Two Women Honored for Their Work in Genetics Research

The Genetics Society of America and the American Society of Human Genetics has honored two young scientists with Rosalind Franklin Young Investigator Awards. The award, funded by The Gruber Foundation, is presented every three years. The award comes with a $75,000 cash prize that will be given to help fund the recipients’ research over the next three years. The recipients will receive their awards at the convention of the American Society for Human Genetics in San Francisco this coming November.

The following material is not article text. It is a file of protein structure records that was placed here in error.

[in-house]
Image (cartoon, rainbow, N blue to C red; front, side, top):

Valerie Horsley, the Maxine F. Singer Assistant Professor of Molecular, Cellular, and Developmental Biology, was selected for her research on genetic mouse models to study how stem cells generate skin tissue.

Dr. Horsley is a graduate of Furman University in Greenville, South Carolina. She holds a Ph.D. from Emory University.

Mary Gehring is the Thomas D. and Virginia W. Cabot Career Development Assistant Professor of Biology and Member of the Whitehead Institute at the Massachusetts Institute of Technology. She was honored for her research on imprinting and epigenetic regulation.

Dr. Gehring holds a Ph.D. from the University of California at Berkeley.

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